Sen. Chris Dodd, a Democrat who has represented Connecticut in the Senate for 26 years, is tipping his toes into the presidential sweepstakes.
In comments to the Hartford Courant on May 22, Sen. Dodd said he is considering a run for the presidency in 2008. “This is the right time for me,” Dodd said. “This is the right thing to do.”
Dodd has been forthright in stating that he is an advocate for the insurance industry because Connecticut was a hub for the industry when he came to Washington. Amongst his latest accomplishments: He was a key player, along with former Sen. Thomas Daschle, D-S.D., in getting the Terrorism Risk Insurance Act enacted into law.
In a virtual all-night phone call with White House officials in November 2002, Sen. Dodd and his top aides bridged the gap between totally different bills passed by the House and the Senate. He was also a key player in getting the Gramm-Leach-Bliley bill enacted in 1999.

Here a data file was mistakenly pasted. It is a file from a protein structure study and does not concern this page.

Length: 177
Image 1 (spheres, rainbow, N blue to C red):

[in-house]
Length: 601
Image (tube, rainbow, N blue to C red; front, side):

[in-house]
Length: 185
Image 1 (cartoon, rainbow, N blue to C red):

A close, longtime friend and a former aide when Sen. Dodd served in the House said, “Sen. Dodd is thinking about running.” The former aide said there would be “no formal announcement for a long, long time,” because that triggers “all sorts of legal requirements.”
The former aide added, “He is in what is called the ‘pre-exploratory phase.’ He is making every decision to do everything necessary to prepare to run for the presidency.”
The aide explained that “should he make that final decision, he will be very well prepared to make that decision. It is not an exercise in ego and hubris.”
According to The Washington Post, at the end of March, Dodd had $2 million in his Senate campaign account. Sen. Hillary Rodham Clinton has $20 million in campaign contributions stored away, according to the newspaper account.
Other current potential candidates include Sen. Evan Bayh, D-Ind., former Virginia Gov. Mark Warner and Sen. Russell Feingold, D-Wis.
The aide said that Sen. Dodd has organized a national fund-raising base “and has extensive national experience in a previous role as former chairman of the Democratic National Committee under President Clinton.”
The former aide said one reason Sen. Dodd thinks “it is now time” is that 2008 marks the first time since 1952 that a sitting president or vice president isn’t a candidate for the top post.